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DBJ to upsize IGNITE programme

Published:Wednesday | December 6, 2017 | 12:00 AMNeville Graham

The Development Bank of Jamaica (DBJ) will be launching a second round of its grant -financing programme, which backs innovators and early stage ventures in need of capital to commercialise their ideas.

The Innovation Grant for New Ideas and Entrepreneurship, IGNITE, will have $100 million for disbursals, starting in April 2018. The first phase, which doled out $72 million in grant funding to entrepreneurs, comes to an end on December 31. That phase was valued at $75 million, three million of which was used for administration and marketing.

General Manager of the Strategic Services Division at the DBJ Christopher Brown, says that although phase one has not yet closed, the bank is already counting it as a success and the reason for the upsizing of phase two.

He says that in addition to an increased budget, there will be three critical changes.

The grants will increase from a minimum of $1 million to $2.5 million but will maintain the cap at $4 million.

DBJ will also relax the requirements for participants from catering only to start-ups to include older companies that are going through a process of innovation.

"The first round of IGNITE was for start-ups, that is to say companies that have been in operation for less than three years, but we are now considering opening that up to companies that are in business for longer but may be trying to bring some sort of innovation to market," Brown said in an interview with Gleaner Business.

The third change is an expansion of IGNITE's business advisory component to include technical and information technology support.


Funding disbursed


In the most recent data compiled on IGNITE One, Brown said that $50 million of the funding had been disbursed up to June 2017, while other candidates were at varying stages of roll-out.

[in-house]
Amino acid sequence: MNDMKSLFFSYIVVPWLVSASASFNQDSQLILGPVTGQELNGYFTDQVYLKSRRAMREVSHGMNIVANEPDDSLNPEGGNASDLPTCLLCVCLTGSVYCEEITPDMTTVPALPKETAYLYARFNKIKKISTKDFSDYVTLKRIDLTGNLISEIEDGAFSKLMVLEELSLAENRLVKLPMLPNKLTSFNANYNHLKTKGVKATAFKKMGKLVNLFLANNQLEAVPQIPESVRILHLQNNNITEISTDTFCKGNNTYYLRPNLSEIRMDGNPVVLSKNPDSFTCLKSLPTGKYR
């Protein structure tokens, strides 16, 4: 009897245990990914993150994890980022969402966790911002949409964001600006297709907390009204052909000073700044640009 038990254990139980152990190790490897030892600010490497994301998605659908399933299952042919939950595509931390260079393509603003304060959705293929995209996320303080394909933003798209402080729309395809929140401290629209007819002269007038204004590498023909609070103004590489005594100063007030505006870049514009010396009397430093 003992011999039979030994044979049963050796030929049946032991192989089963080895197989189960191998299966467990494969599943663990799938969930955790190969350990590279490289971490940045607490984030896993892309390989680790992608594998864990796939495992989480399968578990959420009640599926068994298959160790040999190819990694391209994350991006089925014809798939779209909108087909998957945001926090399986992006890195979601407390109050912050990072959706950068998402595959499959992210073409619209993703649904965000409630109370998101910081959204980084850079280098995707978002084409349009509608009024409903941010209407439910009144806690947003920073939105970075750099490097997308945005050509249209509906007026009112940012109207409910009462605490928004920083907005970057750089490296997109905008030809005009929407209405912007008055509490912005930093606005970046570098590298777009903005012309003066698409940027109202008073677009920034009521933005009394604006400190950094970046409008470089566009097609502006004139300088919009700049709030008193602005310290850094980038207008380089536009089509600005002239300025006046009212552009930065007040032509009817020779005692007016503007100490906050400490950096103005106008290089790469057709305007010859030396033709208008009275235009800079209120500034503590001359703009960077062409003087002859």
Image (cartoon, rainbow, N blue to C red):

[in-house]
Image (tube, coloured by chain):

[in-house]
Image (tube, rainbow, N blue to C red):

"The greatest success is that some of the companies have been able to break into new markets, develop new products and meet the demands for their products that they were unable to do previously," he said.

Up to June, there were 215 new jobs coming out of this project, about 60 per cent of which were permanent positions.

Brown said that 25 of the 27 companies targeted have actively participated in the full programme. He noted, however, that six of the 25 had not launched their products up to June but had benefited from the business training and guidance offered.

"This programme was designed with the customer in mind, focusing on their needs. In the year leading up to the launch, there was heavy consultation, and we certainly benefited from the experience and the lessons learnt from involvement in previous projects," Brown said.

He adds that part of IGNITE's success was its partnerships.

DBJ was able to leverage the experiences of service providers such as the Branson Centre for Entrepreneurship, the Jamaica Manufacturers Association,

and the Jamaica Business Development Corporation to assist the IGNITE businesses, said the division head.